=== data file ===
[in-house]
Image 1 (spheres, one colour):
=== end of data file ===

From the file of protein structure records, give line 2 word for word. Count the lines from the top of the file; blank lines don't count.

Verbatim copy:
Image 1 (spheres, one colour):